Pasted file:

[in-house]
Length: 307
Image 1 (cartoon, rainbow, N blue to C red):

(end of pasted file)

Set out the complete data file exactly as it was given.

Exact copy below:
[in-house]
Length: 307
Image 1 (cartoon, rainbow, N blue to C red):